Birthday: October 30, 1839
Died At Age: 59
Sun Sign: Scorpio
Born in: Paris
Famous as: Impressionist Landscape Painter
Spouse/Ex-: Marie Lescouezec
father: William Sisley
mother: Felicia Sell
children: Jeanne, Pierre
Died on: January 29, 1899
place of death: Moret-sur-Loing
Alfred Sisley was a landscape painter who helped to develop the technique and look of the movement, ‘impressionism’. Born in France, Sisley was a British citizen who lived and worked in France alongside other famous painters of the movement, including Monet and Renoir. He gave up a business career early in life and painted for a living, even though it meant spending most of his life in poverty. Unlike many other impressionists, he focused his painting career almost exclusively on landscapes, rather than working on figure studies or exploring outside of the movement. His paintings feature countryside scenes captured outdoors in and around the small French village where he spent much of his adult life. Alongside his fellow impressionists, he helped popularize the method of quickly painting ever-changing, natural subjects, rather than carefully controlled studio subjects. His naturalistic depictions of rural French life often include motifs of steam, snow, rain and other yielding, natural elements softening the edges of man-made and industrial objects. Although his paintings were not widely accepted during his lifetime, they now command high prices and are valuable additions to some of the most prestigious art collections in the world. While his name is often overshadowed by Monet and other famous impressionist painters of the time, his contribution to the impressionist movement is invaluable.
Childhood & Early Life
Alfred Sisley was the only son of William Sisley, a wealthy British silk merchant, and Felicia Sell, a cultivated music connoisseur. He was born on 30 October 1839, in Paris, and spent most of his life in France, but maintained his identity as a British citizen.
In 1857, Sisley travelled to London to study business for four years, but found that he didn't belong to that world. He returned to France and began to study art.
In 1862, he began studying in an atelier within the Paris École des Beaux-Arts and developed his practice of painting en plein air, outdoors onsite rather than in the studio. This is the school where he met and befriended Claude Monet, Pierre-Auguste Renoir and other famous impressionists of the time.
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Alfred Sisley's early paintings during the 1860s helped to develop the impressionist style, but were not accepted in a large public art exhibit until 1868. Produced outdoors on the spot rather than in the studio with multiple revised drafts, his paintings and others’ works in that style were widely considered to be too colourful and representational, by critics of the time.
When the onset of the Franco-Prussian War in 1870 forced his father out of business, Sisley began depending solely on his paintings to support himself. Although he began his career with an allowance from his father, he spent the rest of his life in poverty. Like many of his fellow impressionists, his paintings did not fetch high prices until after his death.
For most of his career, Sisley depended on patrons to fund his artistic efforts, and with their help was able to travel to England in 1874, where he painted a series for the first independent impressionist exhibition.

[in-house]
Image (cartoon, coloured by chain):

He also participated in independent shows later, but did not enjoy much critical or commercial success.
In 1880, Sisley and his family moved to a small village near the forest of Fontainebleau, where the gentle and ever-changing landscape inspired him to paint a large majority of his best-known paintings.
During his career, Sisley painted over 900 landscapes in the impressionist style. Unlike many of his contemporaries, he painted very few figure studies, and focused almost entirely on landscapes painted outdoors. Though he painted landscapes almost exclusively, his work came to be known for its increasing intensity and depth of expression in his later years.
'Sand Heaps' painted in 1875, is one of his most famous and recognizable paintings. Owned today by the Art Institute of Chicago, this tranquil example of impressionism can be found everywhere from postcards to high quality prints.
Personal Life & Legacy
In 1866, he started a relationship with Eugénie Lesouezec that lasted the rest of their lives. Lesouezec was also British and living in Paris when the two met, and they had two children together; before they travelled back to their native country to get married on August 5th, 1897.
He died on 29 January 1899 at the age of 59. Although he spent most of his time in France, he died, without French citizenship, in the same small village near Moret-sur-Loing which featured in so many of his landscapes.
Alfred Sisley received very little recognition during his lifetime and died a poor man. It wasn't until after his death that he was recognized as one of the great impressionist painters.
This famous painter’s work 'The Lane of Poplars at Moret', completed in 1890 has been stolen three times from the same museum. The Musée des Beaux-Arts in Nice recovered it all three times and continues to display it till today.
Although Sisley and Monet were acquainted throughout their careers, Sisley's works are often overshadowed by the famous French-born painter. The two painters cover similar subject matter, colour palette, and style, throughout their paintings but Sisley’s work is often considered more subtle and subdued.